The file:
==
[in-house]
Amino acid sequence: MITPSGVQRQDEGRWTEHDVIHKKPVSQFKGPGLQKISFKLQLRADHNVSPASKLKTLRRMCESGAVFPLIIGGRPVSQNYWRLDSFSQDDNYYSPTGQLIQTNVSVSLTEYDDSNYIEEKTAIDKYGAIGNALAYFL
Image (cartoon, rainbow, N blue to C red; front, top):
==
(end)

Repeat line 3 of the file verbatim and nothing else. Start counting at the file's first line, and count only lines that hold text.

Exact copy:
Image (cartoon, rainbow, N blue to C red; front, top):